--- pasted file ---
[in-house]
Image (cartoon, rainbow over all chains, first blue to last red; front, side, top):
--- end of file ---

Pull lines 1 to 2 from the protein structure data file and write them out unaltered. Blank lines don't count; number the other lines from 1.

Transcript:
[in-house]
Image (cartoon, rainbow over all chains, first blue to last red; front, side, top):